Tuesday, 24 November 2015



If you've missed the 1st session - your welcome to sign on mid - module!

Look forward to seeing you...

...'How to Draw Superheroes (& Villains)!' at Framin' Art...

Well, the first session of 'How to Draw Superheroes (& Villains)!' Module 1 got off to a great start. A hearty heroes welcome to students - and potential comic artists/concept designers - Jack, Finn, K.C., Toby, Zack and James. 

In my efforts to create a veritable Batcave of a classroom with hero sketches, character designs, a selection art books on Jack Kirby, Marvel and DC Comics, graphic novels and comic books - in the brightly lit classroom it probably came off more as The Fortress of Solitude.

The classes first communal creation - 'THE SPIKED AVENGER'

Nonetheless, the room was a hive of creativity as the class and I created a couple of heroic characters of our own. First up was the almost untouchable nemesis known as 'THE SPIKED AVENGER' followed by the dynamic and mysterious 'BLIND NINJA'!

The dynamic and mysterious 'BLIND NINJA'

Once we'd warmed up on the first two characters - and after a brief refreshment break - the students were straight into the nuts and bolts of the class - designing their own heroes! 

Zack Evans creating his latest superhero

In this first wave of new super heroes - the students are using exciting costume design styles, with an additional influence of manga and popular themes such as military weaponry and attire.




...and last but not least...

The first installment of the 'Bite-Size History of Comics!' 

With the first installment spanning 40,000 years or so, and then every decade - it goes without saying that it's going to be exceptionally concise.

I'll be covering a handful of key developments in each period, from the the 1940s Golden Age of Comics onwards. While it's unavoidable that a tremendous amount of information will be left out, I can certainly revisit the period in question and add additional pages as time permits.

In the event that any student has a particular query or question regarding comic history, they can ask me in class or via email or - dare I say - 'google it'.

And thanks James for your question - 'Who came first - The Atom or the Ant-Man?' - watch this space.

Next week - the Birth of the Golden Age of Comics!

A big thank you to Simon and Becka at Downham first and foremost 
art shop - Framin' Art - for all their help and support!

Friday, 30 October 2015

...Superheroes over Gaywood...

'Heroes and Villains' - having carried out  a few Superhero days at Downham Market's Upwell and William Marshall schools last June, I approached Downham Library and asked if they would be interested in a Superhero Demo at the library. They not only said yes, but would I be able to hold a Demo Day at Gaywood Library - of course I said yes.

In order to create the appropriate atmosphere and to encourage inspiration, I'd brought along a variety of drawings and sketches which I blu-takked around the library and also a selection of graphic novels and 'How to Draw...' books.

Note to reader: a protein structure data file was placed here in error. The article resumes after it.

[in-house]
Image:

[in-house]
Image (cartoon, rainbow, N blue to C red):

And being almost Halloween I couldn't not bring along my old friend - a huge portrait of none other than Dracula! 

The session was well attended by children and parents alike. We quickly got into designing the first character from design suggestion the children called out. I could see the popular themes popping up - spikes, flames, wings, mohawks and lightning bolts. Many thanks to the young lad in his Spider-Man outfit who came up to the easel and drew his suggestion of three eyes in place on the lightning bolt mask!

It wasn't long until our hero or villain - emerged. Presenting the '3-EYED BEAR MAN!' Oops, clearly no spell-check on my easel this morning...

The unstoppable 3-Eyed Bear Man!

I could see the children were getting itchy fingers and had already started drawing their own characters on the template sheets, it wasn't long before our next character appeared. A super-heroine or super-villainess - long blonde hair, bat-mask, 'Incredibles' eye motif, bat cape, boots of fire and ice and pneumatic 'Falcon' arms - none other than V-WOMAN!

...and the Invincible V-Woman!

Meanwhile...there was silence and pencils drew and crayons scribbled, felt pens flourished and coloured pencils coloured. Following is a sample of the fantastic ideas the children came up with...


What a surprise also to meet parent John who'd brought his family along to the workshop. John and I had a lot in common - turns out he's not only an old time comic fan from the 60s and the 70s, but also like myself - a dyed in the wool Marvel Comics fan! 

We reminisced about the pre-comic shop days when you had to get on your bike and search for your favourite mags at the newsagents, and also the Plus Books and Comic Exchange shops where you could swap the mags you'd read for those you hadn't read. I think the ratio was swap two for one. 

We could scarcely have imagined fifty or so years ago, that the 1/- (5p) comics we were buying and swapping might become an investment commodity in the 21st century, many valued at extraordinary prices. And that comics and superheroes themselves might become an integral and - dare I say it - respectable part of popular culture. 

...and more ideas...


Move over Marvel and DC Comics - I think we've got a whole new generation of comic and superhero artists, concept artists and gaming designers on the way!
A big 'WELL DONE!' to one and all - and a I know a few of you parents designed the odd character here and there...

Many thanks to all the participants and parents who came along to the library this morning to make it a big success, I hope you all enjoyed it as much as I did. A big thank you also to Elena who organised both events at the two libraries and also to volunteer Grace who assisted with administration and hosting at Gaywood on the day.